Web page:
doughboys-donut-dunking-association-1aFUN DONUT FACT:

There Used to be a National Dunking Association

The National Dunking Association was founded in the 1930's. Believe it or not dunking had just never occurred to anyone before.

The story goes actress Mae Murray started the "craze' of dunking when she accidentally dropped her donut in her coffee and then raved about the delectable taste.


Although there isn't a lot left about this group, there were believed to me a few million members in its hay day, with som celebrity members including: Johnny Carson, Red Skelton and Jimmy Durante. (For some of our younger customers feel free to click on their names to find out more about them)

So what did the National Dunking Association do? Well per dountgrrl, the real National Dunking Association was started by the Doughnut Corporation of America, probably as a fun new way to get customers and try a new take on our old favorite donut. To bring it to like the National Dunking Association took their organization very seriously with a very specific set of instructions on how to dunk a donut. 

National Dunking Association Rules for DUNKING

doughboys-donut-dunking-association-rules-1While dunking, like every other popular sport, is still enjoyed by millions of amateurs, one must turn to the professional dunkers for a truly thrilling display of grace and skill. To the professional dunker, every tiny gesture, every crook of a pinkie, has a significant meaning all its own. The Professional dunker has a keen sense of timing, and accuracy of aim that is positively astounding. It is the aim of the National Dunking Association to introduce every amateur to the joys of professional dunking by teaching proper forms, poise and technique. Here are the basic principles of corre3ct dunking, which must be mastered before you can say, with a catch of pride in your throat: “I am a professional dunker!”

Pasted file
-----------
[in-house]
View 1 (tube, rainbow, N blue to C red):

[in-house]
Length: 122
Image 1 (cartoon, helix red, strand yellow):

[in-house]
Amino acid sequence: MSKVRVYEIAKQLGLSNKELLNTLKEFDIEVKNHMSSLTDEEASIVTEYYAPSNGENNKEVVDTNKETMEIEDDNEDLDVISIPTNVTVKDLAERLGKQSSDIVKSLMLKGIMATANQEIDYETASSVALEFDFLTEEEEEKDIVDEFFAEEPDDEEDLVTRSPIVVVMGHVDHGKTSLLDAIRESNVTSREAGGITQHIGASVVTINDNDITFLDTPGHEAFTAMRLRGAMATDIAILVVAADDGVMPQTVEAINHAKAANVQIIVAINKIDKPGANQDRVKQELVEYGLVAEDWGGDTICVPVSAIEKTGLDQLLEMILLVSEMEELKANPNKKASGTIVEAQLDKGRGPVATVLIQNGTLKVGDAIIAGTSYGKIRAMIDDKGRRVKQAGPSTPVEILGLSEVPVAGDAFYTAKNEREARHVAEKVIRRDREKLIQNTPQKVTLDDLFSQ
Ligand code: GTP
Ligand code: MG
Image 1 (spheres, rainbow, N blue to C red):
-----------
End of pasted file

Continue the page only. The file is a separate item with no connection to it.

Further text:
doughboys-donut-dunking-association-rules-2Step No. 1. Tuck a great, big (bigger the better) napkin under your chin, to protect you from any stray splashes. Once you have become expert, this will not be necessary.

Step No. 2. Break your donut in half. Dunking a whole donut at one time is definitely bad form.


Step No. 3. Pick up a half donut tenderly between the thumb and the forefinger. The other three fingers must point daintily upward. Hold the half-donut poised over your cup of coffee, cocoa, tea or milk. You may sigh in rapturous anticipation.

Step No. 4. Proceed to swish the donut rhythmically in the beverage with a free and easy movement of the entire arm. Keep your wrist and elbow relaxed for a smooth, circular stroke.

doughboys-donut-dunking-association-rules-6Step No. 5. Your donut should be immersed in the drink for exactly two-and-one-half seconds… long enough for the drink to soak through the dunked portion… not too long or it will become, soggy and break off.

Step No. 6. Remove the donut and hold it above the cup, permitting all the excess drops of liquid to drip, drip, drip back.

doughboys-donut-dunking-association-rules-8Step No. 7. And now the sweet climax! You swerve the donut in a graceful curve toward your mouth and close your teeth tenderly over the dunked portion. At this point it is both proper and only human, even for professionals, to close your eyes in ecstasy and smile dreamily.

Step No. 8. Repeat the above process until all the donuts on the table are simply fond memories.

A final word on how not to dunk. We find these words of caution are necessary to assist amateur dunkers whose inexperienced eyes are deceived by the apparent simplicity of dunking when beautifully executed by an expert. By all means avoid these treacherous pitfalls of dunking:

  1. Don’t forego a napkin under your chin if you’re a novice at the sport.
  2. Don’t plunge a whole donut in your drink.
  3. Don’t (please don’t) splash, or slosh your drink over into your saucer.
  4. Don’t hastily pass the dunked donut from cup to your lips.
  5. Don’t dunk in your saucer

“Dunk, yes dunk! But please take care to keep your fingers in the air! The Donut only must get wet… or else it’s not good etiquette!”